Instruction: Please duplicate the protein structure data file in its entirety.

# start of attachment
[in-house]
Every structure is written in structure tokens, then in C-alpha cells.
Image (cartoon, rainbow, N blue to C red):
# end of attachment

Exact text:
[in-house]
Every structure is written in structure tokens, then in C-alpha cells.
Image (cartoon, rainbow, N blue to C red):